Speaker cones seem to be made out of a lot of different materials. Hasn’t some particular material emerged as the best to be used or is it just the manufacturers want to have something unique to their own speakers?

– Tim, L
Orlando, Fla

One of those debates which had been raging for decades is about metal vs. paper or various exotic diaphragms. Each has its merits and every manufacturer has their preferences. Let’s discuss the basic function of the loudspeaker and how the diaphragm (and we are only discussing cones here) is supposed to function and what is actually happening in the “real world”.

The material used to create a “perfect” speaker cone would need to be as stiff as steel, light as a feather, and able to start and stop on a dime. Unfortunately, the perfect driver does not exist in the real world, so speaker designers select materials that allow them to get as close the ideal as possible.

The best thing about plastic (polypropylene) cones is that they perform pretty well and their manufacturing uniformity is very high and inexpensive to produce. These cones have a major advantage in that they are highly damped and lossy. This means they can have a controlled break-up, which results in a smoother high frequency roll-off. Some people argue that plastic cones tend to not sound as snappy or lively as stiff paper cone counterparts. This can be attributed to an almost capacitive storage effect inherent in soft cone type drivers. However, if well engineered, a good, well damped plastic diaphragms can excel at midrange frequencies and at a fraction of the cost of producing a quality paper cone driver.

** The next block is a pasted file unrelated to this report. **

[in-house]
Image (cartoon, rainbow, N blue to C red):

Paper formulations have all the good points spoken about above, but the paper cone can actually absorb moisture from the air, changing its mass and damping characteristics. Cost, manufacturing complexity-uniformity issues, performance considerations, etc. make diaphragm materials selection a very difficult aspect of loudspeaker design. Paper cones, made in part from felt and wool have a combination of stiffness, low mass and loss inherent in the material that often make the best sounding cones. Sometimes rubber can be added to the paper to increase its durability. Tweeters have to vibrate at very high speeds (20kHz range) and are often made from metals such as aluminum, titanium or silk. They must be very stiff while remaining light weight. Mids and woofers are often made with paper (with additives), Kevlar, ceramics or exotic items such as wood. All of these different materials are selected by the designer to achieve that elusive goal: the “ideal” speaker. Frankly, these variables allow the comsumer a variety of choices and keep us all from buying the same style boring box speakers. Viva la difference!